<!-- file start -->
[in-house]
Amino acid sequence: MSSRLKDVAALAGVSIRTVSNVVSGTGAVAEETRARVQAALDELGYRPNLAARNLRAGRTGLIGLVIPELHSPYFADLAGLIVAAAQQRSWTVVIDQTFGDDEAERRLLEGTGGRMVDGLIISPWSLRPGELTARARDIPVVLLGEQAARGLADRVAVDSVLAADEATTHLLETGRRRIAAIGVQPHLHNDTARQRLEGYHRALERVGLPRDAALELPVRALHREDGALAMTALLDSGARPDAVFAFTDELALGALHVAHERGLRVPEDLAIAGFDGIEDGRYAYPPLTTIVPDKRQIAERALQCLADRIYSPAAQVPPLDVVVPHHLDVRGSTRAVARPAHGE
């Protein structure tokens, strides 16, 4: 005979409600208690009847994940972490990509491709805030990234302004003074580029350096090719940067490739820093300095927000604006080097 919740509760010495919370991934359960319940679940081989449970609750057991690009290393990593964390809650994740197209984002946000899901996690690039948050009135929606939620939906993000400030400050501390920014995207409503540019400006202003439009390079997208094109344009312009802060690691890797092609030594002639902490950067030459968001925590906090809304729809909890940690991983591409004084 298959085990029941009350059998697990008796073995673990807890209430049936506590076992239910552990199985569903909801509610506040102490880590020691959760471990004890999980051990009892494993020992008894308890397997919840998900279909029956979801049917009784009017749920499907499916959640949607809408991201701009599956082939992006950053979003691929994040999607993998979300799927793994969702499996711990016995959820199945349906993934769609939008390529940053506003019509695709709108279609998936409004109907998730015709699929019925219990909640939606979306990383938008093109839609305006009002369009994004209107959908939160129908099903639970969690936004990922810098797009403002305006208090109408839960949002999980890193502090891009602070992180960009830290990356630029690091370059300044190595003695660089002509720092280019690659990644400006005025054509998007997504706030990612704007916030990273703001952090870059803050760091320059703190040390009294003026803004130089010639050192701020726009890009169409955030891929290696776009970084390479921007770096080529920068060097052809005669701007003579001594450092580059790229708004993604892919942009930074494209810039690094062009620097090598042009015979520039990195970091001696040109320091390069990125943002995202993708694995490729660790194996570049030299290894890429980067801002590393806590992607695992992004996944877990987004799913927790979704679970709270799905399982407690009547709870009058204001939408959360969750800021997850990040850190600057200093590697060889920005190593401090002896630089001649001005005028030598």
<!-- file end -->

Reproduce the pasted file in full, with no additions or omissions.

[in-house]
Amino acid sequence: MSSRLKDVAALAGVSIRTVSNVVSGTGAVAEETRARVQAALDELGYRPNLAARNLRAGRTGLIGLVIPELHSPYFADLAGLIVAAAQQRSWTVVIDQTFGDDEAERRLLEGTGGRMVDGLIISPWSLRPGELTARARDIPVVLLGEQAARGLADRVAVDSVLAADEATTHLLETGRRRIAAIGVQPHLHNDTARQRLEGYHRALERVGLPRDAALELPVRALHREDGALAMTALLDSGARPDAVFAFTDELALGALHVAHERGLRVPEDLAIAGFDGIEDGRYAYPPLTTIVPDKRQIAERALQCLADRIYSPAAQVPPLDVVVPHHLDVRGSTRAVARPAHGE
């Protein structure tokens, strides 16, 4: 005979409600208690009847994940972490990509491709805030990234302004003074580029350096090719940067490739820093300095927000604006080097 919740509760010495919370991934359960319940679940081989449970609750057991690009290393990593964390809650994740197209984002946000899901996690690039948050009135929606939620939906993000400030400050501390920014995207409503540019400006202003439009390079997208094109344009312009802060690691890797092609030594002639902490950067030459968001925590906090809304729809909890940690991983591409004084 298959085990029941009350059998697990008796073995673990807890209430049936506590076992239910552990199985569903909801509610506040102490880590020691959760471990004890999980051990009892494993020992008894308890397997919840998900279909029956979801049917009784009017749920499907499916959640949607809408991201701009599956082939992006950053979003691929994040999607993998979300799927793994969702499996711990016995959820199945349906993934769609939008390529940053506003019509695709709108279609998936409004109907998730015709699929019925219990909640939606979306990383938008093109839609305006009002369009994004209107959908939160129908099903639970969690936004990922810098797009403002305006208090109408839960949002999980890193502090891009602070992180960009830290990356630029690091370059300044190595003695660089002509720092280019690659990644400006005025054509998007997504706030990612704007916030990273703001952090870059803050760091320059703190040390009294003026803004130089010639050192701020726009890009169409955030891929290696776009970084390479921007770096080529920068060097052809005669701007003579001594450092580059790229708004993604892919942009930074494209810039690094062009620097090598042009015979520039990195970091001696040109320091390069990125943002995202993708694995490729660790194996570049030299290894890429980067801002590393806590992607695992992004996944877990987004799913927790979704679970709270799905399982407690009547709870009058204001939408959360969750800021997850990040850190600057200093590697060889920005190593401090002896630089001649001005005028030598």